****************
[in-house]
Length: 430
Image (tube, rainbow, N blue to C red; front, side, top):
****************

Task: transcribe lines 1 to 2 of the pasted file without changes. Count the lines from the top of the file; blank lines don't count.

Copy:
[in-house]
Length: 430